Taking Interest for a Noble Cause
Economic Issues
Question asked by .
Answered by Dr. Shehzad Saleem

We are going to start a clinic in our town in India. The total expense to run the clinic is USD 1200 per month, but it is difficult for us to raise this amount every month. We will get money from some people every month but this will not be enough. So we want to ask if we deposit USD 100,000 in a bank to earn interest because by adding the interest to the collected money, we will manage to reach the required target of USD 1200 per month. So is this allowed? The clinic is for all communities, and free for all. Can we use the interest money for such philanthropic causes?  


Taking interest is forbidden in Islam even if it is taken for a noble cause. Islam requires that both the means and the objective of an enterprise be morally justified. It does not condone the ‘Robin Hood’ concept of achieving noble objectives through ignoble means. Its objective is to purify a person’s concepts and his deeds from any semblance of evil. Its message is to strive in the right direction whether the objective is achieved or not – for achieving an objective depends not on a person’s efforts; it depends on the will of Allah. It is not our obligation by any means to spend money on philanthropic causes when we do not have it from the right means.

An example from the Qur’ān may help in illustrating this point: Gambling and Drinking in pre-Islamic times were a means through which the rich showed their generosity and helped the poor and needy. In winters, when cold winds blew in and caused conditions akin to drought, the courageous would gather at various places, drink liquor and, in their state of inebriation, slaughter any camels they could get hold of. They would pay the owner of the camels whatever price he demanded. They would then gamble on the meat of the slaughtered camels. Whatever parts of meat a person won in this gambling, he would generously distribute them among the poor who would gather around on such occasions. In the pre-Islamic Arabia, this was a matter of great honour and people who took part in this activity were considered very philanthropic and generous. The poets would narrate the accounts of their benevolence in their odes. On the other hand, people who stayed away from this activity would be called ‘Barm’ (stingy).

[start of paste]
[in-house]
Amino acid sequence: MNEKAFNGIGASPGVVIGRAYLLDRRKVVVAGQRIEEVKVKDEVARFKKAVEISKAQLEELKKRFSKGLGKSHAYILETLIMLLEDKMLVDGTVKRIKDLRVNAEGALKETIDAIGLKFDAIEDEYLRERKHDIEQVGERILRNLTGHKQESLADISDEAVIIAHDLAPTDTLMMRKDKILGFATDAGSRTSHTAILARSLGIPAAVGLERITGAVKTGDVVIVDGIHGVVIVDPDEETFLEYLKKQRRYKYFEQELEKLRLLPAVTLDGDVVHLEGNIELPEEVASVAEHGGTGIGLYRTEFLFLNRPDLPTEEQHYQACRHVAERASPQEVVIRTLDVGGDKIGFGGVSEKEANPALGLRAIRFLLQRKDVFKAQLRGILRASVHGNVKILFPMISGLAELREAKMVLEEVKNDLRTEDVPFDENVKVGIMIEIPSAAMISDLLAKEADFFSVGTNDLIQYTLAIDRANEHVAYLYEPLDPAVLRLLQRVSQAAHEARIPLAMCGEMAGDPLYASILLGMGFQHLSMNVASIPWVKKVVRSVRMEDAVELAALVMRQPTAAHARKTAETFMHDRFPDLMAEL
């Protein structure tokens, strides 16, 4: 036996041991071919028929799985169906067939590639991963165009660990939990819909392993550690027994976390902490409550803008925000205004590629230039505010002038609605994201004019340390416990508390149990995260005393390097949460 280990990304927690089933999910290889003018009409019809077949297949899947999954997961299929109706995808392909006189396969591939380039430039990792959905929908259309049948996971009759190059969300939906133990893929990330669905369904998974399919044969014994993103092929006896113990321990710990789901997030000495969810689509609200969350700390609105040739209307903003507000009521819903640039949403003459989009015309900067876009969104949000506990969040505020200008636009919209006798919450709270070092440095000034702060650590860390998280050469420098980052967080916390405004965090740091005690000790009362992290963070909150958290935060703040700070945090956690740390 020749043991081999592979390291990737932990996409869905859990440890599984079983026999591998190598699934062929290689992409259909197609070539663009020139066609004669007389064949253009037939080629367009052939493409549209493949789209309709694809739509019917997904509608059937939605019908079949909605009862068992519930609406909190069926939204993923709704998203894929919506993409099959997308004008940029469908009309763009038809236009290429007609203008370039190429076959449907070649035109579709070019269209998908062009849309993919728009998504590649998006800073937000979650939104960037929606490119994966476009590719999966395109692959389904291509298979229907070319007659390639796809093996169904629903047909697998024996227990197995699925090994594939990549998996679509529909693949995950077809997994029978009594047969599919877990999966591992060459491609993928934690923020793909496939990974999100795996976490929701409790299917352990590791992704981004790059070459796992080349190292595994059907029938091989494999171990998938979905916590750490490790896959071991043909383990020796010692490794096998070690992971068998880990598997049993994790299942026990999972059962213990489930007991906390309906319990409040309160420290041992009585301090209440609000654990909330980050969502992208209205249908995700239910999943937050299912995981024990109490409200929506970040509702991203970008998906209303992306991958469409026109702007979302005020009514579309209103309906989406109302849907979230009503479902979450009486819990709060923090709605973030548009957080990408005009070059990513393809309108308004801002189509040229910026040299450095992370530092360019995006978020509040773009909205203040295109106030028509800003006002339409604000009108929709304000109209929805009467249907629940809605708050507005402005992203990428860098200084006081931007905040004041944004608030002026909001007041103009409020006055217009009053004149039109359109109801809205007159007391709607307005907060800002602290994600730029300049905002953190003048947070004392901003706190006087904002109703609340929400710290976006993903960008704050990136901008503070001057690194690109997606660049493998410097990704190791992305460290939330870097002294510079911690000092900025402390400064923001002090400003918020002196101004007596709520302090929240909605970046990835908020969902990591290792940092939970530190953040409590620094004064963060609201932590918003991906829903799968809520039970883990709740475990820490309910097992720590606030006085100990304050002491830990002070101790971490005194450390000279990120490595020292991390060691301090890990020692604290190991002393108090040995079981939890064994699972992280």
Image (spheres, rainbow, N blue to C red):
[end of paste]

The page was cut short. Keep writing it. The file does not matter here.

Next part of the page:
It was this very benefit of drinking and gambling which prompted people to make an inquiry when they were regarded as prohibited items. The Qur’ān asserted in its reply that in spite of serving this noble cause, they were instrumental in producing moral misconduct in an individual, which in no case can be allowed:

They ask you about liquor and gambling. Tell them: there is great sin in them and some profits as well for people. But their sin is greater than their profit. (2:219)

In other words, despite having utility, drinking and gambling were prohibited since they cause moral misconduct. Therefore, I would advise you to think of some other alternative.

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